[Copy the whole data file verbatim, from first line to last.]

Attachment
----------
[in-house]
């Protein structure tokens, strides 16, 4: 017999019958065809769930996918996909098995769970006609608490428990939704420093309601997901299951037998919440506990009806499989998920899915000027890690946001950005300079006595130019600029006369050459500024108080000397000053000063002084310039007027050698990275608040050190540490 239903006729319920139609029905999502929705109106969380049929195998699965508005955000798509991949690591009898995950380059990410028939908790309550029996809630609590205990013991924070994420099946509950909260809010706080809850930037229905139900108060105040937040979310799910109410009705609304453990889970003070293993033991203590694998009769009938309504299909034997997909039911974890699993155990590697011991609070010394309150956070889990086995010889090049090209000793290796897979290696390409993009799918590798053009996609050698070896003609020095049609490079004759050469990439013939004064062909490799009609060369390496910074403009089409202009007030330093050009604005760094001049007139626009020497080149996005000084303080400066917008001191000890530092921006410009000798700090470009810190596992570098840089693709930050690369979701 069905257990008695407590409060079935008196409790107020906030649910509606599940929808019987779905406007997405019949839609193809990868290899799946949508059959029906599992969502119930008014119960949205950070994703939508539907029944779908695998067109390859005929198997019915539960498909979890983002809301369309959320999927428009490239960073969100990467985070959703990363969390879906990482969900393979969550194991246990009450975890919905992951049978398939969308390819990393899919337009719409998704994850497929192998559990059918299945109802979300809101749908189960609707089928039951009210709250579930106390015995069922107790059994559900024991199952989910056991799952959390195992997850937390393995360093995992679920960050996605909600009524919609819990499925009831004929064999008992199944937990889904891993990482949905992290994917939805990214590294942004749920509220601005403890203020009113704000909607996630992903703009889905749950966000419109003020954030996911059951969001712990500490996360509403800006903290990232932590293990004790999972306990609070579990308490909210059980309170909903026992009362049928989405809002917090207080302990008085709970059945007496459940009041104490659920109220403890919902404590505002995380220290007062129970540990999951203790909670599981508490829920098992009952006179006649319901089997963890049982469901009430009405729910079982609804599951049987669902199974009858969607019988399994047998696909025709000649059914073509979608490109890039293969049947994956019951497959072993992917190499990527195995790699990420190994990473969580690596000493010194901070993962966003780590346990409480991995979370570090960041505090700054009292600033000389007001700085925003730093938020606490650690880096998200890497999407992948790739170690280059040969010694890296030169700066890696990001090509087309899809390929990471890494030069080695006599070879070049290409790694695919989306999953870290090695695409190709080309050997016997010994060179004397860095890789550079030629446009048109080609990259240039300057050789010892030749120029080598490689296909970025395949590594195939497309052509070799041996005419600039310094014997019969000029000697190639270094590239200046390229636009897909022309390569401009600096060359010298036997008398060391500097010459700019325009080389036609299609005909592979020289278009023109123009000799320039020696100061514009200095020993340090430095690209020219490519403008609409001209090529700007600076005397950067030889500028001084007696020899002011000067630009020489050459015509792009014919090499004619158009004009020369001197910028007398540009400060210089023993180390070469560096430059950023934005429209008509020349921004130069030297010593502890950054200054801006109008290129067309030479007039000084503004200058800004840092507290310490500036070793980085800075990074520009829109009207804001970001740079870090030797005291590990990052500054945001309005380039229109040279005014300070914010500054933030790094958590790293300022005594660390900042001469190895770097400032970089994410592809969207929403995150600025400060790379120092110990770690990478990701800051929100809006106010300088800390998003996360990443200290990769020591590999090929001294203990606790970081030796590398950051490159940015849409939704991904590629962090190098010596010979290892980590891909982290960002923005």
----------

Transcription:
[in-house]
């Protein structure tokens, strides 16, 4: 017999019958065809769930996918996909098995769970006609608490428990939704420093309601997901299951037998919440506990009806499989998920899915000027890690946001950005300079006595130019600029006369050459500024108080000397000053000063002084310039007027050698990275608040050190540490 239903006729319920139609029905999502929705109106969380049929195998699965508005955000798509991949690591009898995950380059990410028939908790309550029996809630609590205990013991924070994420099946509950909260809010706080809850930037229905139900108060105040937040979310799910109410009705609304453990889970003070293993033991203590694998009769009938309504299909034997997909039911974890699993155990590697011991609070010394309150956070889990086995010889090049090209000793290796897979290696390409993009799918590798053009996609050698070896003609020095049609490079004759050469990439013939004064062909490799009609060369390496910074403009089409202009007030330093050009604005760094001049007139626009020497080149996005000084303080400066917008001191000890530092921006410009000798700090470009810190596992570098840089693709930050690369979701 069905257990008695407590409060079935008196409790107020906030649910509606599940929808019987779905406007997405019949839609193809990868290899799946949508059959029906599992969502119930008014119960949205950070994703939508539907029944779908695998067109390859005929198997019915539960498909979890983002809301369309959320999927428009490239960073969100990467985070959703990363969390879906990482969900393979969550194991246990009450975890919905992951049978398939969308390819990393899919337009719409998704994850497929192998559990059918299945109802979300809101749908189960609707089928039951009210709250579930106390015995069922107790059994559900024991199952989910056991799952959390195992997850937390393995360093995992679920960050996605909600009524919609819990499925009831004929064999008992199944937990889904891993990482949905992290994917939805990214590294942004749920509220601005403890203020009113704000909607996630992903703009889905749950966000419109003020954030996911059951969001712990500490996360509403800006903290990232932590293990004790999972306990609070579990308490909210059980309170909903026992009362049928989405809002917090207080302990008085709970059945007496459940009041104490659920109220403890919902404590505002995380220290007062129970540990999951203790909670599981508490829920098992009952006179006649319901089997963890049982469901009430009405729910079982609804599951049987669902199974009858969607019988399994047998696909025709000649059914073509979608490109890039293969049947994956019951497959072993992917190499990527195995790699990420190994990473969580690596000493010194901070993962966003780590346990409480991995979370570090960041505090700054009292600033000389007001700085925003730093938020606490650690880096998200890497999407992948790739170690280059040969010694890296030169700066890696990001090509087309899809390929990471890494030069080695006599070879070049290409790694695919989306999953870290090695695409190709080309050997016997010994060179004397860095890789550079030629446009048109080609990259240039300057050789010892030749120029080598490689296909970025395949590594195939497309052509070799041996005419600039310094014997019969000029000697190639270094590239200046390229636009897909022309390569401009600096060359010298036997008398060391500097010459700019325009080389036609299609005909592979020289278009023109123009000799320039020696100061514009200095020993340090430095690209020219490519403008609409001209090529700007600076005397950067030889500028001084007696020899002011000067630009020489050459015509792009014919090499004619158009004009020369001197910028007398540009400060210089023993180390070469560096430059950023934005429209008509020349921004130069030297010593502890950054200054801006109008290129067309030479007039000084503004200058800004840092507290310490500036070793980085800075990074520009829109009207804001970001740079870090030797005291590990990052500054945001309005380039229109040279005014300070914010500054933030790094958590790293300022005594660390900042001469190895770097400032970089994410592809969207929403995150600025400060790379120092110990770690990478990701800051929100809006106010300088800390998003996360990443200290990769020591590999090929001294203990606790970081030796590398950051490159940015849409939704991904590629962090190098010596010979290892980590891909982290960002923005």